Lesson 3 – Video 2
1190 [00:00:00.86] SPEAKER 1: Hi. In this video, we'd like to continue discussing enzymes.
1191 particular, we want to focus on the mechanisms whereby an enzyme will reduce the
1192 energy of a reaction.And then we'll end up talking a little bit about protein folding.
1193 [00:00:18.04] In this first slide, we see in blue an enzyme called lysozyme which acts
1194 polysaccharides which are strings of sugars which are shown in red. The reaction
1195 longer polysaccharide into two smaller fragments.And here you can see some of the
1196 have a glycocidic bond between two sugar molecules. You have two amino acids--
1197 and aspartic acid-- making a simultaneous attacks on the glycosidic bond proceeding to
1198 covalent intermediate with this sugar.
1199 [00:01:04.10] And then we have hydrolysis of a water molecule adding a proton to the
1200 acid and putting a hydroxyl group on the carbon cleaving this ester bond which is an
1201 intermediate.And that's pretty nice, but I feel it's still fairly complicated.And so I'd like
1202 build your intuition about a kind of enzyme mechanism.And really the only rule you
1203 know is that opposite charges attract, like charges repel.
1204 [00:01:38.26] This figure from the book shows three mechanisms of enzyme catalysis.
1205 is undeniably important. It's simply an enzyme which will hold the reactants in the
1206 orientation near each other, giving them plenty of time to react and not relying on
1207 interactions, collisions in solution based on diffusion.
1208 [00:02:03.94] The second mechanism is one we'll talk about more, and that is electronic
1209 stabilization of the transition state. However, this picture is somewhat flawed as you
don't see a
1210 transition state. You have a charged molecule. What you see is electronic stabilization of
1211 molecule itself.And we'll talk about that.
1212 [00:02:24.54] And finally, I think I disagree with this third mechanism of physically
1213 or bending a molecule, but perhaps I don't understand exactly what they're talking
about. So now
1214 we'll talk more about mechanism two and we'll also use that to discuss some features of
1215 structure in a little greater detail.
1216 [00:02:46.14] Now let's talk a little bit more about an amino acid. In solution, we've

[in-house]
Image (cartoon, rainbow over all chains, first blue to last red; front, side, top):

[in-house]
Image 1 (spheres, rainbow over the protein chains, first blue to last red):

talked about 1217 it being a zwitterion with a positively charged amino group and a negatively charged
group. And here is a peptide bond with the C-alpha carbon, 1218 another amino group here
1219 another carboxyl end here. If we look along these four atoms in the peptide bond,
1220 a fairly significant dipole moment where we have excess electron density at the oxygen
1221 relative electron deficiency at the proton. So that results in a dipole moment of about
1222 which is quite large.
1223 [00:03:37.99] And I should just mention that-- for whatever reason, who knows-- in
1224 convention is different from physics. In biology, the arrow points towards the positive
end of the
1225 dipole. That's opposite what you may have learned in physics class.
1226 [00:03:54.76] So now I'm going to talk about what happens to those dipole moments for
1227 these peptide bonds in the helix. Unfortunately, the orientation is upside down here. But
1228 have for those hydrogen bonds, if we can look, here is a peptide bond. We have the
1229 alpha carbon, the amino group, the hydrogen.And so we have, in this case, a dipole, but
1230 pointing almost along the alpha helix axis.And we can see many of those. Here's
1231 pointing up. Here's another one.
1232 [00:04:38.67] Now in this slide, it's emphasizing all the different dipole moment of the
1233 individual peptide bonds or amino acids, however you want to think about it.And these
1234 into a fairly significant vector that points down the alpha helix. This has the effect of
1235 fairly significant electric fields at either end of the alpha helix.
1236 [00:05:02.78] Now let's imagine a hypothetical active site where there's going to be a
1237 reacting in here.And we have four alpha helices lined up pointing towards the active
site. It's not
1238 at all unusual to have this sort of orientation, although, it would be spread out in three
1239 dimensions rather than in two.
1240 [00:05:24.98] Now to understand a little bit more about the stabilization of the
1241 we need to think about a molecule in a generic transition state.And I've just drawn a
1242 with five atoms here, and we're going to pretend that this enzyme is going to cleave
1243 bond three and four.As it goes towards the transition state, so here's the starting
1244 bond between three and four. Here is the product, a broken bond between three and
four.And the 1245 transition state is starting to stretch bond three and four longer and longer on its way to
1247 [00:06:05.00] Because you have a certain amount of electron density between atoms
1248 four, stretching it out over a longer distance means there's going to be less electron
density in the
1249 transition state relative t